Dr. Anne Bradley, in Why Does Income Inequality Exist? An Economic and Biblical Explanation, says we should care about income mobility, not income inequality. I think we should care about, and work to reduce, income inequality (along with income mobility) to the extent such inequality is attributable to unjust causes.
What might those unjust causes be?
The answer is probably very broad. For now, let’s stick just to examples Dr. Bradley cites: “not letting business fail when they deserve to fail (bailouts); protecting some businesses from competition (subsidies and tariffs); or letting some businesses succeed over others through protective legislations (licensing and other regulatory requirements).”
What do these — i.e., bailouts, subsidies and tariffs, and licensing and other regulatory requirements — have in common? They are results of government actions authorized by legislation that came out of the political process. What is this political process? Elections and lobbying, to grossly oversimplify. Is this political process always unjust? Hard to say in such a blanket fashion. Is this political process sometimes unjust when viewed from the Biblical standard of justice? I believe so (but admit answering this thoroughly would take a book or two or three…).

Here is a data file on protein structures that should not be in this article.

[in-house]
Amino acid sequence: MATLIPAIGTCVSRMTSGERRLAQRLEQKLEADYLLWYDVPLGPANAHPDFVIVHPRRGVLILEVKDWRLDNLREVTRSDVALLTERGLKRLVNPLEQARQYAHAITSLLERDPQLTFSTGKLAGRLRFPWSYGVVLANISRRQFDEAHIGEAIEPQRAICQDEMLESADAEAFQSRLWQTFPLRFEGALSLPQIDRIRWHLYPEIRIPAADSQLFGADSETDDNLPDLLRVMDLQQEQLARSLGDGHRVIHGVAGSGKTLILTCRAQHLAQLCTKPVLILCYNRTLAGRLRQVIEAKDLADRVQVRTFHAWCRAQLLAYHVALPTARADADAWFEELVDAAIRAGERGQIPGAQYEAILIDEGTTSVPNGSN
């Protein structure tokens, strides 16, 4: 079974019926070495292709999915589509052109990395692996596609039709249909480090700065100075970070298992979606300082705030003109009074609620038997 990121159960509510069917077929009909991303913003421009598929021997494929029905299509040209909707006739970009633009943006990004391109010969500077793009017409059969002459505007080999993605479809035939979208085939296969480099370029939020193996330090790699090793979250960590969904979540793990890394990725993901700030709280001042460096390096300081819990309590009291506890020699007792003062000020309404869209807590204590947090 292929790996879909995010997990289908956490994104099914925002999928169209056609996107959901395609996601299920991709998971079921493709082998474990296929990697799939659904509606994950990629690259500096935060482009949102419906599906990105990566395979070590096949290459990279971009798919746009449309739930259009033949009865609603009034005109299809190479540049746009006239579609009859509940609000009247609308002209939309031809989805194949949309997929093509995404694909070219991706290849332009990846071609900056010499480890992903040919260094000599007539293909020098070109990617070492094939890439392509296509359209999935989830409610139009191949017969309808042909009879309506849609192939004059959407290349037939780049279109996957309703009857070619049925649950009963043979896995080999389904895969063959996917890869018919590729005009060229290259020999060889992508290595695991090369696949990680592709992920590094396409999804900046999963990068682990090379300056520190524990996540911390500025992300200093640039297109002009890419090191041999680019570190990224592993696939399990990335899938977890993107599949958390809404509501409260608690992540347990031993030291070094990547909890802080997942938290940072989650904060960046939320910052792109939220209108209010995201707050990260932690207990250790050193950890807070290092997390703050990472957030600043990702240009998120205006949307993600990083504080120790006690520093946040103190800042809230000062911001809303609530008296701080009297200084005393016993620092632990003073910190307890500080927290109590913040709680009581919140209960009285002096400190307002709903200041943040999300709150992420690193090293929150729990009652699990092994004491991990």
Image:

So I draw this conclusion, using Dr. Bradley’s terminology: to the extent income inequality results, not from the mere, providential, distribution of diverse gifts, but from “rent-seeking behavior” enabled by legislation birthed through the political process that operates at times unjustly, we should recognize such inequality as “a sign of injustice” and work to reduce it.